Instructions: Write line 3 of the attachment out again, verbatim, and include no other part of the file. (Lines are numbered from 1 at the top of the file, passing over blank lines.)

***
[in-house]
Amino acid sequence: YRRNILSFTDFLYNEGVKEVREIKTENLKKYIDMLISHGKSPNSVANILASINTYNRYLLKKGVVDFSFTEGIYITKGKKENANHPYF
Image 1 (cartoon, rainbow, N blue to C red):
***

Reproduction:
Image 1 (cartoon, rainbow, N blue to C red):